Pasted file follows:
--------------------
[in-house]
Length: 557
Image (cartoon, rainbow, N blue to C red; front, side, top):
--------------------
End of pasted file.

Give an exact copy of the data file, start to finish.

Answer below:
[in-house]
Length: 557
Image (cartoon, rainbow, N blue to C red; front, side, top):